The Challenge with SMB SaaS: High Growth Can Only Mask High Churn For Just So Long - The Entrepreneurial Way with A.I.


Tuesday, July 26, 2022

The Challenge with SMB SaaS: High Growth Can Only Mask High Churn For Just So Long


So in theory, SMB SaaS is better than enterprise, at least 9 times out of 10:

  • Deals close much faster
  • Customers don’t expect as much in terms of security, compliance, etc.
  • Customers often can deploy on their own
  • There is often just 1 stakeholder to sell to
  • Often can avoid procurement, RFPs, and so many other headaches
  • Customers don’t expect you to build a feature before they buy
  • Don’t need as much sales experience
  • Often easier to get started here with less capital and/or if bootstrapped
  • Force you often to build a better product, as they lack a deployment team
  • Etc. etc. etc.

And importantly, there are just so, so many SMBs. 30,000,000+ of them.  Or maybe it’s 15,000,000.  Different counts are out there, but however many it is — it’s a lot.

But beyond all the other Pros and Cons of SMB vs enterprise, there’s one looming issue with SMB SaaS:


Endemic churn.  The type of churn you almost can’t do anything about.  Why?

  • SMBs go out of business, and quickly.  Enterprises take decades to go under.
  • SMBs pay monthly, and often scrutinize every expense
  • SMB owners often literally pay out of their own pocket, or feel that way
  • SMBs don’t really budget for much, so if the business goes down, software purchases often go down very quickly too

Net net, most true SMB SaaS products often churn on the order of 3% per month almost no matter what you do.  Almost.  And we’ll get to that in a moment.

Now that makes things hard enough as you scale, but even worse, in SaaS, churn is often masked by high growth when you have early product-market fit.  For example, if you are growing 13% a month in the early days, and churn is 3% a month … you’re still growing 10% a month.  That can look mighty impressive.  And it is.

But then what happens when you merely double new bookings, which is hard enough as it is — and churn remains 3% a month?  Well, all of a sudden you’re adding 6% a month (doubling) but losing 3% … and your growth is cut in half to 50%.

I see this again and again with fast-growing SaaS companies selling to SMBs and they know it, but they don’t chance enough, or fast enough, and get caught in a Churn Trap once growth slows from top-tier rates.

Ok so what’s to do here?  A few thoughts — and then let’s look at some case studies from, Shopify, Smartsheet, and more.

In general:

  • Be honest about your churn and report it monthly and honestly.  If you hide it or bury it in overall MRR growth numbers, it won’t get addressed.  It will burn you somewhere between $5m-$20m ARR if you are growing quickly.  Because at some point, growth slows to 100% year-over-year even at the best SaaS companies.  And then 3% a month churn cuts your growth in half.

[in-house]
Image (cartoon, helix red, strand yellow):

• Be relentless about building features that increase retention.  Even modest impacts to churn for SMBs can have a huge impact on your business.  What features are so valuable that customers don’t just buy — but they stay?  I don’t see enough SaaS SMB company relentlessly talking about the impact of new features on retention.  And measuring it.
  • Get better at onboarding.  A lot of churn lurks in poor onboarding.  This gets addressed in the enterprise with high levels of staffing.  But it rarely gets enough attention with SMBs.
  • Learn the true churn rate for your competition — and challenge the team to beat it.  No matter what, you can do better than the direct competition.  Find out.  Go ask.

So in the end, you have to find a way with SMBs to at least drive to 100% NRR, and ideally, higher.  The best have found a way.   Even if it was often much higher in the earlier days.

A few things the best in SMB SaaS have done well to get NRR up above 100%, and churn down:

#1. added payments late, but went deep here and saw NRR shoot up to 110% and then 121%!  More in my convo with CEO Rene Lacerte here and on SaaStr here.

#2.  Smartsheet, Zendesk and More Went Slowly Upmarket.  Even just a bit can help a lot with NRR.  Today, Zendesk’s big push is $1m deals.  But it didn’t start that way.  It started very SMB.  But even going a bit upmarket can drive NRR well above 100%.  Asana has about 100% NRR from SMBs (still impresive), but this grows to 140% for its $5k+ customers.

#3.  Digital Ocean went from 100% NRR to 116% NRR from SMBs in just 2 years by focusing on customers that could pay just a bit more ($50/month) — but got a lot more value.  This isn’t going enterprise. It’s just focusing on SMBs that value the product the most.

#4.  Maybe don’t even charge some SMBs at all, like Zoom did.  Zoom’s SMB growth finally slowed, but not until $3.5 billion in ARR.  It had insane SMB NRR of 130%+ until then.  Part of the key was making the Free version so good, they didn’t have to deal with churn from users who wouldn’t really benefit from the Paid version.  See, also, Slack.

More here:

Don’t Settle for Less Than 100% NRR from SMBs



The post The Challenge with SMB SaaS: High Growth Can Only Mask High Churn For Just So Long appeared first on SaaStr.


Jason Lemkin, Khareem Sudlow